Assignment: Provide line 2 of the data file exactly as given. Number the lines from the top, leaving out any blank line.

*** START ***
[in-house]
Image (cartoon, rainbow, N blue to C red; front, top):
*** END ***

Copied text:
Image (cartoon, rainbow, N blue to C red; front, top):